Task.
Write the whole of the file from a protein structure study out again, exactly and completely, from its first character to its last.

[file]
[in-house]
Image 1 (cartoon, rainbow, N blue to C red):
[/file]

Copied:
[in-house]
Image 1 (cartoon, rainbow, N blue to C red):